Thursday, December 08, 2005
Sonny Lester: How to Belly Dance For Your Husband
The cover of the 1968 release from Sonny Lester - His Orchestra & Chorus:
Little Egypt Presents: How to Belly Dance For Your Husband.
The “Little Egypt” referred to is not a real person but a marketing hook. The name evokes the “original” Little Egypt, the scandalous sensation who bellydanced at the 1893 Chicago World’s Fair. There was probably no “real” person called Little Egypt at the World’s Fair but there were a number of bellydancers from Egypt and Algeria at the Fair and they did create a sensation and a longlasting legacy. The scandal and sensation launched a “shimmying” trend in female dancing that reverberated in carnival sideshows and burlesque halls and strip clubs for decades, and it lives on today in the huge network of US bellydancers and the performances of Shakira and Britney and....
Bellydancing music was HUGE in the US in the 1950s and early and there are dozens of recordings and many amazing covers. The theme was: middle class women, spice up your married lives by bellydancing for your spouse. Belly dance clubs in New York City and other urban centers were hip meccas for middle class whites looking for exotic and wild experiences. Radiobastet.com has a great archive of album covers and also uploads albums once a month. The Lester recording is still up as of today. I’m not sure about it’s legality but....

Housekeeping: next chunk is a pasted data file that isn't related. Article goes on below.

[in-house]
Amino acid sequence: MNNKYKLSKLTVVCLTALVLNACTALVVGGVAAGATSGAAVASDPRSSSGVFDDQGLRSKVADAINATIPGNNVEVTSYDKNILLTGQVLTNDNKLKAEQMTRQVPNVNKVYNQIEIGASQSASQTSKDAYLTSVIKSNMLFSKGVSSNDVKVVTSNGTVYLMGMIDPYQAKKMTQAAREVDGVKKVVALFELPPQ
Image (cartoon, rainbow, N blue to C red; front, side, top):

Sonny Lester (b. 1924) was an important figure in the “exotica” genre, so popular in the 50s and 60s. (Check out David Toop’s book Exotica for a great account.) He was especially well known for his album, How to Strip for Your Husband, and put out a number of exotica stripping and bellydance releases on the Roulette label. I was somewhat surprised to learn that this release appeared in 1968. I wasn’t aware that the “craze” was still going on at that late date.
The music on How to Belly Dance For Your Husband is in the exotica vein and evokes rather than performs Arab/Middle Eastern bellydance music. It is nonetheless quite fun. Most of the releases I’ve heard from the period by contrast are quite “authentic” bellydance tunes performed by Arab or Armenian or Turkish musicians.
Earlier bellydance posts: a description of an album featuring Özel Türkbas here and covers with Özel Türkbas are here and here. A photo of bellydancing in stereo is here.